There also weren’t as many options for dining out. You ate at home. That was the norm. There weren’t so many fast food joints, no pizza delivery services that I know of, and generally your choices were a few local eateries.

Lots of people also had much smaller wardrobes. Lots of kids whose parents were just getting by had just enough shirts and pants to get them through the school week. Then those would be washed and worn again. Kids were bought fewer toys. They didn’t have activities scheduled all afternoon, so fewer fees there.

Of course, the cost of housing was lower back then, too. A few people pointed to inflation. That definitely doesn’t help.

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17 Dan

I believe the counterculture of the 60′s played a large influence in the economic shift of American families. One of the key tenants of the 60′s movement was to cast aside the conservatism of the previous generation. While the emphasis was on social mores and politics, frugality and self-discipline took a hit as well. American society was transformed into an instant gratification, me-first culture. This in turn led to over-consumerism and loss of practicality.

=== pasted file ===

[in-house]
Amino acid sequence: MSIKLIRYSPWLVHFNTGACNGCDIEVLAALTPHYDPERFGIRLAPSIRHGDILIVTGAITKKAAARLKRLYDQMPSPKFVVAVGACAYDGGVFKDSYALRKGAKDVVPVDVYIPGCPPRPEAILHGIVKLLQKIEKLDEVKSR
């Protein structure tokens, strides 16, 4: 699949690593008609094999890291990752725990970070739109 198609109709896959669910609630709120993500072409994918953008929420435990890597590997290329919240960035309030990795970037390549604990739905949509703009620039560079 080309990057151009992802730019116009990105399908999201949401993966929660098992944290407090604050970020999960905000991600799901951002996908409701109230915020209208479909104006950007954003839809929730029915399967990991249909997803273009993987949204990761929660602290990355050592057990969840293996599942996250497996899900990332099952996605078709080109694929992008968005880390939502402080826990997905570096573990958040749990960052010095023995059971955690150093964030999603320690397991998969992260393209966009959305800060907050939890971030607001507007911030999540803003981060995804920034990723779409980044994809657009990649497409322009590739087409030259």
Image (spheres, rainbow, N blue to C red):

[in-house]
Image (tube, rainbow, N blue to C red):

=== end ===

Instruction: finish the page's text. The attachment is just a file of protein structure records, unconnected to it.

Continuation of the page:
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18 DDFD at DivorcedDadFrugalDad

I am of the opinion that with the advent of the dual income family, certain costs of living got bid up– housing for example.

Additionally, there are many costs and “necessities” that our parent/grandparents didn’t have . . . $100/month cell phone bills and $100/month cable bills come to mind.

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19 NatalieMac

I think there are many reasons why it’s become such a struggle. First, the rate of increase in the minimum wage hasn’t kept pace with inflation. Raising the minimum wage raises employer’s labor costs, driving inflation even higher, so something that simple can’t be the solution.

Second, our standard of living is much higher. Our grandparents weren’t worried about paying for mobile phones, multiple cars, and cable televisions, but those things have become so commonplace we think of them as ‘necessary’. I remember learning in economics class in college that the average family living below the poverty line in the U.S. has two televisions, cable, and a car. That’s hardly ‘poverty’ by the standards of other nations in the world, but we see it as poverty.